Via Indonesian telco Telkomsel and Woolworths’ mobile division, Family Zone is trialling a ‘freemium’ model called Family Zone Insights, which allows parents to track their kids and receive alerts if they’re using Tinder rather than a maths tuition app.
It is hoped the parents then avail of Family Zone’s standard $6 a month screening product to prevent such transgressions.
Family Zone posted receipts of $1.75m in the third (March) quarter, up 143 per cent, with contract revenue of $1.14m, up 170 per cent. The company claims a $6m of pipeline of opportunities across five geographies.
Broker BW Equities forecasts revenue of $5m in 2018-19, growing to $11m this financial year.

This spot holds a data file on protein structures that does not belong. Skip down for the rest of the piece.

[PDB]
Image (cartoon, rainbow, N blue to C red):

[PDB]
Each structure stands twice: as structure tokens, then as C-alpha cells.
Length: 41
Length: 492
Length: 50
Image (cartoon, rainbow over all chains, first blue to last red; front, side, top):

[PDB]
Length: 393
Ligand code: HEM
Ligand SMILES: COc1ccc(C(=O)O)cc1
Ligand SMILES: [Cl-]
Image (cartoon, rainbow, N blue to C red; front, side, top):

After burning $2.7m of cash Family Zone ended the quarter with $2.1m of cash, but in April this was bolstered by a $5.5m placement at 15.5c apiece.
Family Zone reports it has signed up 130,000 wholesale (telco) accounts within six months, with 71,000 converting to paid subs.
“80 per cent of our revenues are from schools and we think that will be the case for the next 12 months. Our ultimate objective is to get parents engaged and in control and the best way of doing that is through the schools,” Levy says.
“But in late 2020-21 we think that will turn on its head and most of our revenue will come from consumers (including subs generated from the telcos).”
Meanwhile, MGM Communications posted revenue of $1.4m in the traditionally quiet March quarter, up 392 per cent. In the first (December) half the company turned over $4.07m for an underlying profit of $550,000 and a reported loss of $3.27m.
About half of MGM’s half year revenue derived from the company’s legacy business of communications systems for schools, to record absences and enable SMS messages to parents. This remains a solid business, but lacks the growth potential of the Spacetalks.